The following tips are taken from Humber College's Captioning Style Guide.
- Spelling should always be done to Canadian standards.
- Serial or "Oxford" commas should be employed for clarity. A sentence like, “I like peanut butter and jam, and tuna sandwiches,” conveys a much different meaning than: “I like peanut butter and jam and tuna sandwiches.”
- Parentheses should not be used when transcribing text because they are used to denote content that is not narration.
- Dashes (-) should be used to end a sentence that is cut off or interrupted. If a speaker interrupts themselves or trails off, use ellipsis (...) instead.
- Delete filler like "um," "uh," "er," and other sounds that are generally meaningless.
- Words and phrases like "so," "well," "you know," and others can be removed if it will not change the meaning of the text.
“So, you know, if we take a look at this example...” → “If we take a look at this example...”
“When, when you consider...” → “When you consider...”
Lectures & Tutorials
When an instructor is describing what is happening on screen, it is important to make the transcripts consistent and easy to understand.
- Alphanumeric keys are presented as capital letters, numbers, or symbols (A,X,1,0,?,/).
- Cursor and navigation keys are named and capitalized (Left Arrow, Page Up, Backspace, Insert, Home, End, etc.)
- The modifier keys are Ctrl, Al, Shift, Caps Lock and Windows (or Win) Key, Command and Option.
- Key combinations are presented with a "+" between the modifier and the key being pressed: Ctrl+S, Command+W. Certain symbols are spelled out in this context, such as Command+Period.
- Capitalize and spell menu selections as they appear on screen, separated by commas: To save your document, click on File, Save As.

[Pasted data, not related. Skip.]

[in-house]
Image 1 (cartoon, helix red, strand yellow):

- On-screen elements should be written as they are on the screen but only when they are referred to specifically: To create a black-and-white photograph, go to Image, Adjust, Black & White.
- Canadian spelling is to be used throughout a tutorial except when the speaker is specifically referring to an on-screen element – in Photoshop, you pick a colour using the Color Picker.
- “Okay” is used when transcribing speech, but click OK for the on-screen action as that is how OK is displayed in most computer programs.
Slang & Contractions
- Change slang like "gonna" and "wanna" to "going to" and "want to."
- Contractions should be transcribed as is whenever possible: “wouldn’t,” “isn’t,” “could’ve,” even “ain’t.”
- Numbers from one to nine are written as words unless they are part of an equation.
- Words are also used for uncertain or estimated amounts: Thousands of people paid hundreds of dollars to see dozens of animals.
- Use "per cent" rather than the % symbol.
- Any profanity or “swear words” should be captured as they are spoken.
Bad Quality or Missing Audio
- Use (indiscernible) when the audio is there but you can't make it out.
- Use (inaudible) when it is completely missing from the recording.
- Use (no narration) when there is an extended period of silence.
- If the names of the speakers are known, put the name of who is speaking in the caption in capital letters followed by a colon. Use first and last name for the speaker's first appearance, only the last name subsequently.
BOB SMITH: I'd like to introduce Jane Jones. JANE JONES: Hi everyone. SMITH: It's great to have you.
- If speakers' names are unknown, choose suitable descriptors for each speaker: SPEAKER 1, SPEAKER 2, etc.